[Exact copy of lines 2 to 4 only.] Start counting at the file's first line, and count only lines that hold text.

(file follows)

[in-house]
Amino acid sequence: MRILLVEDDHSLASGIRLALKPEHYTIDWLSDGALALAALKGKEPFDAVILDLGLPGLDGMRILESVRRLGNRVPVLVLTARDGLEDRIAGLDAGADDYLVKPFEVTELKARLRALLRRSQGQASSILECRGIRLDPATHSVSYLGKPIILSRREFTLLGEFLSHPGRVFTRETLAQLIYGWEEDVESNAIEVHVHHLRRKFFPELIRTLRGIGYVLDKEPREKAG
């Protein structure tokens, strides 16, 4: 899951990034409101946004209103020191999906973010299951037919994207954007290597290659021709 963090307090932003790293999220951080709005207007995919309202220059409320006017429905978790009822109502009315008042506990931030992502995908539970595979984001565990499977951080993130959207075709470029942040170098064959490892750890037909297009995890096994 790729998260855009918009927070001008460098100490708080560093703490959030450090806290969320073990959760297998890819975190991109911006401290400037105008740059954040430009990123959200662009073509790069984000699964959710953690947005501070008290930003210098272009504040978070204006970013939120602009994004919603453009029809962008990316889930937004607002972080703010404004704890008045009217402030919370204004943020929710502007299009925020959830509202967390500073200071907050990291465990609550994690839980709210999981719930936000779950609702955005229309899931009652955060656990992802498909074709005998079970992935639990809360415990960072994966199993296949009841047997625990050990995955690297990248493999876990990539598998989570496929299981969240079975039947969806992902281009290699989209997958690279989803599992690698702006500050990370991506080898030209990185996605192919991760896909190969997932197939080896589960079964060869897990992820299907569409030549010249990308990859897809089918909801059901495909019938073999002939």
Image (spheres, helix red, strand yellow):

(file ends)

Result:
Amino acid sequence: MRILLVEDDHSLASGIRLALKPEHYTIDWLSDGALALAALKGKEPFDAVILDLGLPGLDGMRILESVRRLGNRVPVLVLTARDGLEDRIAGLDAGADDYLVKPFEVTELKARLRALLRRSQGQASSILECRGIRLDPATHSVSYLGKPIILSRREFTLLGEFLSHPGRVFTRETLAQLIYGWEEDVESNAIEVHVHHLRRKFFPELIRTLRGIGYVLDKEPREKAG
């Protein structure tokens, strides 16, 4: 899951990034409101946004209103020191999906973010299951037919994207954007290597290659021709 963090307090932003790293999220951080709005207007995919309202220059409320006017429905978790009822109502009315008042506990931030992502995908539970595979984001565990499977951080993130959207075709470029942040170098064959490892750890037909297009995890096994 790729998260855009918009927070001008460098100490708080560093703490959030450090806290969320073990959760297998890819975190991109911006401290400037105008740059954040430009990123959200662009073509790069984000699964959710953690947005501070008290930003210098272009504040978070204006970013939120602009994004919603453009029809962008990316889930937004607002972080703010404004704890008045009217402030919370204004943020929710502007299009925020959830509202967390500073200071907050990291465990609550994690839980709210999981719930936000779950609702955005229309899931009652955060656990992802498909074709005998079970992935639990809360415990960072994966199993296949009841047997625990050990995955690297990248493999876990990539598998989570496929299981969240079975039947969806992902281009290699989209997958690279989803599992690698702006500050990370991506080898030209990185996605192919991760896909190969997932197939080896589960079964060869897990992820299907569409030549010249990308990859897809089918909801059901495909019938073999002939």
Image (spheres, helix red, strand yellow):